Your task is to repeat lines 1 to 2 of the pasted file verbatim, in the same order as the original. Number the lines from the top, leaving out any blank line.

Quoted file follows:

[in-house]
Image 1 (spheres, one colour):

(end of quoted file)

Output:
[in-house]
Image 1 (spheres, one colour):